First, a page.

BOSTON – Say what you will about the Bruins for the lack of style points involved, but the Black and Gold are doing what they have to do until their No. 1 defenseman comes back.
The Bruins played a sleepy, uninspired brand of hockey for 40-plus minutes against the Carolina Hurricanes on Thursday night and would have ended up with one of their most disappointing losses of the season had it ended just as sleepily.
Instead, the Bruins pulled Anton Khudobin, exerted the full court press on the Hurricanes in 6-on-5 time and scored a gritty, greasy goal on a Torey Krug point shot kicked in by Teuvo Teravainen with 32 seconds left in the third period.
That led to a 2-1 shootout win for the Bruins at TD Garden and a second consecutive game where the B’s pulled important, necessary points out when they trailed going into the third period.
The win pushed them ahead of Tampa Bay and Philadelphia and back into the playoff standings, and makes them 2-2-1 without Zdeno Chara with the Bruins captain’s return clearly on the horizon.
The Bruins have allowed only nine goals in the five games without Chara and haven’t buckled much at all defensively. Clearly, it’s been a major struggle to manufacture goals as it’s been most of the season, but the Black and Gold are finding a way to grind through it right now.
“You just need performances like that. Tonight, we got them. I think that’s a little bit of a wakeup call we needed in between the second and the third [period]. To come out, lay it on the line, and know we had a one-goal game at home and we needed to get two points out of this game, find a way,” said David Backes, who was instrumental in the tying goal while fighting in front with Teravainen as the Hurricanes forward kicked the puck in the net. “We need a better performance against Buffalo, but two points is two points. We’ll take them however we get them right now. We have to regroup and come for a full 60 minutes in Buffalo [on Saturday afternoon], or else we can’t live by the skin of our teeth like this for long. It’ll come back and bite us.
“To see that puck rolling into the net, that’s what it’s all about. We should celebrate that goal as hard as any other that we score because it’s a six-man unit that had to get it in there. We’re working it around, winning battles, and a blast, and then a scrum in front. Those are the ugly goals we need to have. Again, we’ll take them any way we can get them. The ugly ones count just like the pretty ones. We were able to push that into overtime, get the one point, and again, take care of business in the shootout.”
Certainly, the Bruins made the adjustment after losing in the shootout in Philadelphia and went with their best (David Pastrnak and Brad Marchand) in the top-three shooters while watching both Ryan Spooner and Pastrnak score early for the full two-point win. Still, it’s been even more about Bruins players stepping up with Chara and John-Michael Liles out, and Torey Krug has been playing his best hockey of the season when the Bruins needed him most.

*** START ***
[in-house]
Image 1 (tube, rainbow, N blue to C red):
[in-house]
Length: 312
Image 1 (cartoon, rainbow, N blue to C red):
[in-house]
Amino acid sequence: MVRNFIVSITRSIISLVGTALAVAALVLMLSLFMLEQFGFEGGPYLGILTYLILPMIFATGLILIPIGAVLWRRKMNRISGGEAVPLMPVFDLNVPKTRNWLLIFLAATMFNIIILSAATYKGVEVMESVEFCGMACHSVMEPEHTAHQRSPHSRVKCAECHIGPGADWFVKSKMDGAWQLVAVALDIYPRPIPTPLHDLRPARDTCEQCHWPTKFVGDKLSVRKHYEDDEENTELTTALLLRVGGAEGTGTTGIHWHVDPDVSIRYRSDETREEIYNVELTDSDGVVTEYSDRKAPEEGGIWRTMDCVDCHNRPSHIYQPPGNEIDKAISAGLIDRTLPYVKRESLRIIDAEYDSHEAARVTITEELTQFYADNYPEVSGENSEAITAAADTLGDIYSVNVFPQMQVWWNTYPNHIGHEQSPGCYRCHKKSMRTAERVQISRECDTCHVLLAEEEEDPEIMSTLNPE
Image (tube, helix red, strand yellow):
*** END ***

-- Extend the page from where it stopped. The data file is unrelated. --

It was Krug’s point blast that was eventually kicked into the net by Teravainen for the tying goal in the final seconds of the third period. The undersized D-man ended up with a whopping 28:07 of ice time and a team-high six shots on net. Krug now has a goal and five points in his past three games along with a plus-4 rating, and he’s generating enough offense to trump the occasional rough shift that’s just going to happen with D-man partner Adam McQuaid.
“We’ve been dominant at times in the offensive zone over the past few games and [against Carolina] wasn’t our prettiest game; it wasn’t necessarily a good game by our standards,” said Krug. “But those are goals throughout the season that you feel like you earn and you deserve. So, we worked and we worked and it didn’t matter how long it took in the third; we were hoping it would pay off and it did.
“I think just pucks are going in, as silly as that sounds. I feel like from an individual standpoint I’ve been focusing on hitting the net for a while, and trying to make some plays and all the sudden the puck is going in. Whether that’s funky bounces or just guys taking advantage of chances I can create – it’s good. But, I’ve been focusing on defense the past few games and I’ve been given some advice and focusing on the defense and all the sudden it’s like the offensive opportunities are just appearing out of nowhere. So that’s kind of been my thought process.”
It was Krug’s turnover after falling down at the blue line that allowed the 3-on-none breakaway for Jeff Skinner that eventually turned into Noah Hanifin’s scoring point blast in the second period. But the hard-nosed defenseman simply worked to make up for it with the tying goal late in the game, then watched his teammates do the rest with stellar goaltending and some skilled scoring work in the shootout.
That’s exactly the kind of in-game resiliency that’s allowing the Bruins to get points out of games where it hasn’t necessarily looked great entering the final 20 minutes and it’s what is keeping them afloat with some big pieces still missing from their lineup.
So, while there weren’t any moments of dominance or gaudy shot total advantages for the Bruins against the Hurricanes, Thursday night’s shootout win is exactly the kind of grinding game that will help Boston when counting out all those points for a playoff spot in April.
That’s what it’s all about for the Black and Gold much more than impressing the style judges in an otherwise nondescript midweek game against Carolina that won’t be remembered by much of anybody now that it’s in the rear view.